3. Think about food from a “what will this do to me when I run 16 miles tomorrow?” perspective.

      Friday nights are not party nights because Saturday isn’t a sleep-in day. Gone are the “drink beer and eat pizza” Friday nights. Gone are the “eat anything” every other night nights. I gotta run! Lunch needs to support an evening run, dinner on Friday night needs to support a long run on Saturday!

    4. Ignore black toenails and constantly blistered feet.

      My feet are messed up. I never had a bruised toenail ever in my life before I started running. Today, I’ve had disturbing toenail casualties. I painfully lost half of one toenail after my first marathon, watched it grow back – then ran a second marathon wherein I busted that newly grown toenail and bruised the same one on my other toe. Two bruised toenails, but I run on them daily. I also almost always have a blister somewhere. I leave them be because they turn into callouses eventually. So, bruised toenails and blistered/calloused feet. Not all that pretty, but I guess it comes with the territory.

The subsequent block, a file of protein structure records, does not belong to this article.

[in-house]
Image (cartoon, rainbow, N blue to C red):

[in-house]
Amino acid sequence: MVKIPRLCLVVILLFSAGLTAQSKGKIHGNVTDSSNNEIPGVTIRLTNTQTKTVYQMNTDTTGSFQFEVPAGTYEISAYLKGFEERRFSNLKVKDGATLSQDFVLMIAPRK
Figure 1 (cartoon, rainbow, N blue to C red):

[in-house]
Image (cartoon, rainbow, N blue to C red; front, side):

5. Wear tights in public.

      I never used to wear tights (okay, just once, but I wasn’t good at it). Now, I almost look forward to wearing them because they make my legs look good. Also I suppose they keep me warm when I have to run or cycle outside when it’s cold or whatever.

    6. Fanatically absorb material on injury prevention. Injury

      After running a very painful marathon in 2013, I got real serious about injury prevention – a large part of which is strength training. I love to read about methods of becoming a stronger, more physically healthy athlete. I’ve learned about shin splints, achilles tendinopathy, hip flexors, cadence, firing glutes, and all sorts of other things. I couldn’t get a degree in this stuff – and I probably couldn’t explain any of it very well – but it certainly helps me.

    7. Relive endurance events moments before falling asleep.